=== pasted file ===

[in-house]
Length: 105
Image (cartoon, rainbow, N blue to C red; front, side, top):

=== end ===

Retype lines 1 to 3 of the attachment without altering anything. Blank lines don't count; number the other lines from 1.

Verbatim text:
[in-house]
Length: 105
Image (cartoon, rainbow, N blue to C red; front, side, top):